Find the word definition

Crossword clues for lottery

Longman Dictionary of Contemporary English
postcode lottery
▪ Some sufferers are denied treatment because of the postcode lottery.
▪ I agree with my hon. Friend about the usefulness of a national lottery.
▪ Key elements of the new department will be the introduction of a national lottery and of a Millennium Fund.
▪ To supply these funds he reestablished the national lottery which afforded the government about one hundred thousand duros a year.
▪ The organisers of the pools believe that huge jackpots are their best weapon in fighting the threat posed by a national lottery.
▪ A new national lottery to aid sport, the arts and the national heritage.
▪ He will take over responsibility for broadcasting from the Home Office in addition to administering the new national lottery.
▪ Try your luck at the fairest, squarest state lottery of them all!
▪ The state lottery, approved by voters 11 years ago, offers lotto and scratch-off tickets as close as the corner market.
▪ Other measures gave us the state lottery, coastline protection, guaranteed levels of school finance and term limits.
▪ Informal sector activities include such occupations as street-vending of lottery tickets, food, combs, cigarettes and the inevitable chewing gum.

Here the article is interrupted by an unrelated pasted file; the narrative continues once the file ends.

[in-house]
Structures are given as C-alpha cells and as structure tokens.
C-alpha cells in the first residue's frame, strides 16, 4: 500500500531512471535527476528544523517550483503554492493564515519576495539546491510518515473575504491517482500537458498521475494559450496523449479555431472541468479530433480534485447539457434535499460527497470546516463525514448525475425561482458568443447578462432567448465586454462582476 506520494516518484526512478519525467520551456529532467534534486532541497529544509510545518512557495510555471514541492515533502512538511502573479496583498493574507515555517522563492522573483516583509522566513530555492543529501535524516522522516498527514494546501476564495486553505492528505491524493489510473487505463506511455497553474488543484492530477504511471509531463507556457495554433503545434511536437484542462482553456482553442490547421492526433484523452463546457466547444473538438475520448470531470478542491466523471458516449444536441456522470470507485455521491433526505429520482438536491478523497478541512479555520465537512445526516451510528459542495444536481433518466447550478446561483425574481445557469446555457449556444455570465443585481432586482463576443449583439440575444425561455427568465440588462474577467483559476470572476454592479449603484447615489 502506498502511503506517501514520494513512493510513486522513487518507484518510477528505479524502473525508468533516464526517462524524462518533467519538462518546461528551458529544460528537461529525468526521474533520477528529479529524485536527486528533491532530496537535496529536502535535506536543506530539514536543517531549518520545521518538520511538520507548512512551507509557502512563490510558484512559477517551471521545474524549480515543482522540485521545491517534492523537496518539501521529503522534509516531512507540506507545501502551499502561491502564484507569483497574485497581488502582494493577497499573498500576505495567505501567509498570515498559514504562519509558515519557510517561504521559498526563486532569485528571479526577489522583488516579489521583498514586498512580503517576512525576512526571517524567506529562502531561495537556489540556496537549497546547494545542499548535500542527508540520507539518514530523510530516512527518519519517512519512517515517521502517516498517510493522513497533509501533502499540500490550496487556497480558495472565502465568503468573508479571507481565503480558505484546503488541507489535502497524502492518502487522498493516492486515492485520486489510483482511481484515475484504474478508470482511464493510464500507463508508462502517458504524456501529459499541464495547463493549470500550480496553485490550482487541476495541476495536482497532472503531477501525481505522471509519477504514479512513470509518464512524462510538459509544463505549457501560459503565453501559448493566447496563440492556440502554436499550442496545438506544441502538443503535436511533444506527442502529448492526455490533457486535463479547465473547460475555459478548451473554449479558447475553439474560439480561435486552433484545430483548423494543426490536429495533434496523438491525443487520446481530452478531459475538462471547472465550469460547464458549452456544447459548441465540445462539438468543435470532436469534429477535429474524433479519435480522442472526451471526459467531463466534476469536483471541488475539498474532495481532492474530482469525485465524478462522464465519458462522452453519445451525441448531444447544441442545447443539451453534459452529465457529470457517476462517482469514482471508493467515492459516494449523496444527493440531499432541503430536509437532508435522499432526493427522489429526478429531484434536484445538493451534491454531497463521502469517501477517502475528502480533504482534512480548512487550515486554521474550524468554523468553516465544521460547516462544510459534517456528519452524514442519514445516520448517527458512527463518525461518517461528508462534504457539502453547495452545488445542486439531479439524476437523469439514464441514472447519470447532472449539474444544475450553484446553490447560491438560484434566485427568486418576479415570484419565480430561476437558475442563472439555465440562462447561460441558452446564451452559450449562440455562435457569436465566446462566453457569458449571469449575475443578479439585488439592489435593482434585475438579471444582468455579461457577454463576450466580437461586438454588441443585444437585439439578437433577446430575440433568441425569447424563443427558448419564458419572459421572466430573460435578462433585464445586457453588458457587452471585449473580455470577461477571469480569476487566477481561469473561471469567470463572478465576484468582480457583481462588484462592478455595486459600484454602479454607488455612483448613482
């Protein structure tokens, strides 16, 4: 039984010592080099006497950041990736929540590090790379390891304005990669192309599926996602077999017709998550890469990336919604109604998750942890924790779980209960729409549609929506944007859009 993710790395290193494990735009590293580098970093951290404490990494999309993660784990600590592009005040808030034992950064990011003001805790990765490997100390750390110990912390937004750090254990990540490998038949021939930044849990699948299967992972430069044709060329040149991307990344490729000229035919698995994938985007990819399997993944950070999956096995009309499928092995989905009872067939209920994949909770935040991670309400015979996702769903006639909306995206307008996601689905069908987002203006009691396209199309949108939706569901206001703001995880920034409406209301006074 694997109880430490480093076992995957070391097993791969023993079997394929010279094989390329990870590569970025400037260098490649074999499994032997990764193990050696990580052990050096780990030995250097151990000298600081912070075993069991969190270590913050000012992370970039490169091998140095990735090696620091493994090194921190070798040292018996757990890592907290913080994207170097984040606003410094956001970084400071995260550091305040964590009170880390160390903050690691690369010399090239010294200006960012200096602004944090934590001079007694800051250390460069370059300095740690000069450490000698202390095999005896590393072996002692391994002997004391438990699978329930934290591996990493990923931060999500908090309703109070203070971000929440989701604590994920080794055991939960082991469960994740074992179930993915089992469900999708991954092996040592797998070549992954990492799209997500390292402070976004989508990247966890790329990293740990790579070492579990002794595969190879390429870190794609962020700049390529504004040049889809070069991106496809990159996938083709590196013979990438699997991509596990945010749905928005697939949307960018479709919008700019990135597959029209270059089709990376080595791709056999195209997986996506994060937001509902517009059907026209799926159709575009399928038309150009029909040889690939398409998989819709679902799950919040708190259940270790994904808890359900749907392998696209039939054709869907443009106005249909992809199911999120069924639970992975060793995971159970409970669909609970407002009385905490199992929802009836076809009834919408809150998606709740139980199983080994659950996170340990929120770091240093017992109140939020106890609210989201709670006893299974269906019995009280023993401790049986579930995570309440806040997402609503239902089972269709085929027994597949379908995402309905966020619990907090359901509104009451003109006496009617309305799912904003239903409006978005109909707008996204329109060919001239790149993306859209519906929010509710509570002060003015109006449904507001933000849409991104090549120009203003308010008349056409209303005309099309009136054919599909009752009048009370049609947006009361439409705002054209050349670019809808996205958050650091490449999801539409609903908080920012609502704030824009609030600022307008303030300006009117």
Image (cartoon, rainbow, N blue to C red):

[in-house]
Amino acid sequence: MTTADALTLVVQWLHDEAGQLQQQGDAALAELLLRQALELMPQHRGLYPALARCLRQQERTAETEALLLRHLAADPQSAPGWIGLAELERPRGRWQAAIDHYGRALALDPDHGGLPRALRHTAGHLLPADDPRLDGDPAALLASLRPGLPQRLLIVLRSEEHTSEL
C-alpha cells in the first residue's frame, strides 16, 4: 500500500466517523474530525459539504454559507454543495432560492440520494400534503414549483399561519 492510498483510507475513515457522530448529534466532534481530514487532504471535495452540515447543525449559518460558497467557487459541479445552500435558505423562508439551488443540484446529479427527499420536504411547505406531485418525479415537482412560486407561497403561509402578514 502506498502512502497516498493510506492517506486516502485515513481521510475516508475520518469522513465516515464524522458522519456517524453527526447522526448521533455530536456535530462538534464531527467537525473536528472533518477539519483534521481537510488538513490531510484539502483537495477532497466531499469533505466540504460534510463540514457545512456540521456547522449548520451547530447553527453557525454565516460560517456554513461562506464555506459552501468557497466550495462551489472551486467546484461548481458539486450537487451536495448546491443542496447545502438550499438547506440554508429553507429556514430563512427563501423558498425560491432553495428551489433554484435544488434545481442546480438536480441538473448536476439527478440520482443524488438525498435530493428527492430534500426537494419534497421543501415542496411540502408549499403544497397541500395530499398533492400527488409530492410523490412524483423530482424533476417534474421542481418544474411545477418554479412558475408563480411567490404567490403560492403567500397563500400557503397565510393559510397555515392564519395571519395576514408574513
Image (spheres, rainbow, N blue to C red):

▪ By comparison, lottery tickets can be bought as easily as chewing gum at hundreds of retail outlets and news agents.
▪ Selling lottery tickets among your friends is one way; recruiting new members is another.
▪ It was an unlikely gift, a winning lottery ticket that had dropped from the sky, and that was all.
▪ There were blind men begging, selling lottery tickets.
▪ As the cantor was reciting the Eighteen Benedictions, one fellow was trying to sell a lottery ticket.
▪ A baby's sex is a genetic lottery. It all depends on the chromosomes the baby receives from its parents.
▪ the NFL draft lottery
▪ But it was a lottery and lotteries were undesirable.
▪ Franken also avoided military service with student deferments while at Harvard and, ultimately, a high lottery number.
▪ Nine hundred Maine residents and 100 nonresidents had their names drawn from a lottery.
▪ Similarly, if you have just won the lottery, go to an adviser who specialises in high net worth individuals.
▪ The organisers of the pools believe that huge jackpots are their best weapon in fighting the threat posed by a national lottery.
▪ They had been playing the lottery together for more than a year, and they trusted him.
▪ They have spent a lifetime playing the birth lottery.
▪ They will hate you with a loathing reserved for lottery winners.
The Collaborative International Dictionary